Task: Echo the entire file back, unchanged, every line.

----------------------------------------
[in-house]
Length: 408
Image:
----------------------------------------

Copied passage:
[in-house]
Length: 408
Image: